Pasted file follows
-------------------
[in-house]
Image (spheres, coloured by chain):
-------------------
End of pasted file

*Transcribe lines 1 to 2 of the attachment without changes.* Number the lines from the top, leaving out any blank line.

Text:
[in-house]
Image (spheres, coloured by chain):